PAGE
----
DUX 1616

Wednesday, April 22, 2020

Quattro Mani excel with Stefan Wolpe two-piano music

The personal nature of this music makes this volume of Stefan Wolpe one of the most important, I think. Stefan Wolpe met pianist Irma Schoenberg in 1927. Through 1942, when they separated, they had a professional and personal relationship. Schoenberg enabled Wolpe to flee Nazi Germany and rescue his music besides.

She inspired the March and Variations for Two Pianos. Wolpe's two-piano score for the ballet "The Man from Midian" was written for Schoenberg and Wolpe to perform together.

The first three of his Studies on Basic Rows were dedicated to Schoenberg (Irma, that is). And of course, the two-piano version of the first two studies was for them to perform together.

The Quattro Mani doesn't quite duplicate the chemistry between Wolpe and Schoenberg must have brought to their performances. But they come very close. To my ears, it sounds as if Wolpe built conversations into these scores. Steven Beck and Susan Grace seem to pick up on that, tossing motifs back and forth with easy familiarity.

The March with Variations developed along with the relationship. Wolpe wrote the march in 1932 but added variations over the course of the year -- a year that involved an escape to Czechoslovakia, a tour of Russia, study with Webern, and immigration to British-controlled Palestine. As the work progresses, each variation seems to become more complex, more atonal, though never quite achieving the Webern ideal.

"The Man from Midian" is a ballet with an incredibly complex history.  The Ballet Theatre commissioned Darius Milhaud to write a score for a ballet about Moses. Milhaud titled his work Moïse, and later arranged it as a concert suite, Opus Americanum no. 2. In the meantime, the choreographer Euguene Loring left the company and mounted his own production of the ballet, this time using Stefan Wolpe.

The score was originally for two pianos and is set in two movements. Each movement features several short vignettes (eight in the first, eighteen in the second). Wolpe uses motifs to denote the major characters, modifying them as the drama demands. Sometimes the music is incredibly dense and atonal, other times it's quite simple and consonant.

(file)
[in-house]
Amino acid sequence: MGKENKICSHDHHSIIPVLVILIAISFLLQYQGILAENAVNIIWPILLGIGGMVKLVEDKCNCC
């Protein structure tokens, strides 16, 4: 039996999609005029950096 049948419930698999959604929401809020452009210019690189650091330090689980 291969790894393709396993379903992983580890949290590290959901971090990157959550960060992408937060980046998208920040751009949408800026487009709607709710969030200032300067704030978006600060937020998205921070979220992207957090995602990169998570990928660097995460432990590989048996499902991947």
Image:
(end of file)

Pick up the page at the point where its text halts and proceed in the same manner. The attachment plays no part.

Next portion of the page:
As I listened, my respect for Quattro Mani grew. This is quite difficult music and required a great deal of precision. Beck and Grace not only delivered but did so with elan.

They also deliver fine performances of the Studies on Basic Rows. This is atonal music by the numbers and can sound lifeless and academic. Beck and Grace play these studies with just enough expression to elevate the scores from exercises to music.

Stefan Wolpe: Volume 8, Music for Two Pianos
Quattro Mani
Bridge Records 9516

Tuesday, April 21, 2020

Sweetly nostalgic chamber music from Robert Fürstenthal

The story behind these works is fascinating, and critical to appreciate them properly. Robert Fürstenthal was a young Viennese composer whose career was just taking off. Germany annexed Austria in 1938, and the Jewish Fürstenthal fled to the United States. He became an accountant and abandoned composition.

Only after reconnecting with his first love in the 1970s did Fürstenthal start writing again. And it was as if the intervening years never happened. Fürstenthal -- in the 1970s -- wrote in the same style he abandoned in the 1930s.

If these works were programmed with other compositions of the 1970s, Fürstenthal's music would sound hopelessly old-fashioned. But that misses the point. Fürstenthal wrote from the heart, and that gives these works an authenticity that trumps modernity.

Fürstenthal's late-Viennese style features unassuming lyrical melodies cushioned in rich, warm harmonies. In this second collection of Fürstenthal's chamber music, we a set of instrumental sonatas, along with two notturnos for piano trio.

The Notturno in D-flat major is a quiet, elegiac work that reminded me strongly of Schubert. Its companion, the Notturno in D major is equally beautiful, though here the influence seems more Brahmsian.

The release features four sonatas; one each for flute, violin, oboe, and viola. Each has its own distinct character, showcasing the solo instrument to good advantage. I think these works would make wonderful additions to the instruments' repertoires. Here's hoping this Toccata Classics series will help make that happen.

The Rossetti Ensemble also recorded volume one, and in my review, I commented on their heartfelt performances. If anything, I think they sound even better here. By now the ensemble is very familiar with Fürstenthal's music. That understanding is clearly informing these performances.